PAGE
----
Does Healthcare Have a Target on its Back?
The healthcare sector could be on the verge of a cybersecurity crisis. The findings of a study from Ponemon suggest that consumers have a misplaced confidence in the ability of...
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The healthcare sector could be on the verge of a cybersecurity crisis. The findings of a study from Ponemon suggest that consumers have a misplaced confidence in the ability of healthcare providers to keep their personal information safe. Two-thirds said they trust providers to protect their data, while only a quarter trust credit card companies. In reality, healthcare organisations account for 34 per cent of all data breaches, while financial organisations account for only 4.8 per cent (IRTC Data Breach Report). Organisations that don’t take action to close the gap between reality and consumers’ expectations are risking significant damage to their reputation and financial strength.
Healthcare hacks are on the rise. The industry suffered 450 data breaches in 2016, up from 253 in 2015, according to a report by Protenus. Their impact on patients and providers can be tremendous. In 2015, US insurance company Anthem Blue Cross suffered the largest healthcare breach on record, when 80 million patient records were compromised, costing the business $115m in settlements. This year’s WannaCry ransomware attack hit around 40 NHS trusts and their hospitals. Hackers gained access to computers and effectively shut down the entire system, which led to operations and appointments being cancelled or postponed. The emergency measures put in place to address the attack cost around £180,000.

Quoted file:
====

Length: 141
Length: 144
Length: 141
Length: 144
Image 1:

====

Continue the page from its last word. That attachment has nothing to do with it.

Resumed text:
The main cause of healthcare breaches is unauthorised access or disclosure, resulting either from insider threats – employee error, negligence or criminal activity – or external threats, in the form of hacking, skimming and phishing.
The patient data goldmine
Healthcare organisations are a prime target for cyber attacks because of the lucrative personal identifiable information (PII) held in the records they keep, which can be used for identity theft. In the US, there have been reports of medical records selling for $5 apiece on the black market.
The industry is also widely perceived as easy to infiltrate due to having rather weak security technologies and processes. The size and distributed nature of the NHS, combined with its disparate systems and software, lack of resources and possibly inadequate incident response plans, have been cited as potential reasons for its vulnerability to the WannaCry attack.
The impact of a data breach
Half of all consumers have been notified by an organisation that their personal information has been lost or stolen as a result of a data breach in the past two years, according to the Ponemon study. As a result, 65 per cent lost trust in that organisation, and one in four ended their relationship with it.
The same study found that the stock value of 113 companies declined an average of five per cent the day a breach was disclosed, resulting in millions of pounds of losses. They also experienced up to a seven per cent customer churn.